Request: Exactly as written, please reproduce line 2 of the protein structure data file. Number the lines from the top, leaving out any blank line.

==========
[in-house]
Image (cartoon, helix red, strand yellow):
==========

Image (cartoon, helix red, strand yellow):